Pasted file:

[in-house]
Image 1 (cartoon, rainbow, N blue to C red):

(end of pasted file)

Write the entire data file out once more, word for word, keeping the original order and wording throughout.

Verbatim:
[in-house]
Image 1 (cartoon, rainbow, N blue to C red):